“Our constitution is of, by and for the people,” she said. “A democracy isn’t a monarchy; it’s made up of people. When you get to know city council members and mayors, you recognize these are people you have a lot in common with, and some of the resources you have to work with are public resources funded by our tax dollars.”

ASSETS has received grants from the U.S. Small Business Administration.

“Mennonites have so much to bring to a national and international forefront around policy because of our strongly held beliefs,” she said. “What if we could actually be the ones impacting policy? Perhaps that’s a bit of a departure, in some ways, from traditional Mennonite belief, but it seems to me to be a natural outgrowth of our service toward the common good.”

Although King is running as a Democrat, she said, she “doesn’t fit neatly into one party” and believes that the country’s “two-party system is ineffective.”

“When I talk to voters, I hear a lot of people say they don’t identify with either party or that they don’t agree with the party they thought they identified with, and I hear them say, ‘I resonate with your values. Your values are my values,’” King said. ““I believe part of my job is to be who I am and fight for what I believe in within a party and continue to inform and change it from within.”

Disagreements between Republicans and Democrats in Pennsylvania gained national attention in recent weeks as the Supreme Court of Pennsylvania redrew congressional district maps that the court ruled had been gerrymandered in violation of the state’s constitution. The court released new maps on Feb. 26 that will be implemented in time for the 2018 election.

The current District 16 – where King and Smucker are located – will become District 11. Analysis from The New York Times showed Republicans gaining an edge there, while across the state Democrats “couldn’t have asked for much more from the new map.”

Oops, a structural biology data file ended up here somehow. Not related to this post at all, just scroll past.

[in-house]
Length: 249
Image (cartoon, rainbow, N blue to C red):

“The maps were a mess and not fair,” King said. “Overall, though, the recent redistricting was still a partisan process that’s flawed.”

Pennsylvania’s 16th congressional district has had a Republican in office for all but two years since 1921.

“The redistricting hasn’t changed my campaign’s platform, motivation or methodology,” King said. “We have an unprecedented ground game.”

King knows about overcoming adversity. When she was 2, her father died suddenly in a plane crash. He was 32.

“I have no memory of my father,” King said. “My mom was widowed. Our extended family’s faith was part of making it through that loss. It made me realize life is short and you have to make it count, and that was very clear to me at an early age.”

King said she has often been inclined toward “risk-taking on behalf of the common good.” It’s what led her to help buy an abandoned church in Pittsburgh that she and others turned into an arts and social enterprise incubator, and it’s what led her to ASSETS, which in her tenure grew from serving 150 business leaders a year to 1,500, supporting entrepreneurs in creating or retaining more than 350 jobs last year.

“This campaign isn’t about power for power’s sake, or notoriety, or climbing a political ladder, or a predetermined political career,” she said. “It’s about how we use the leverage of elected office to improve people’s lives.”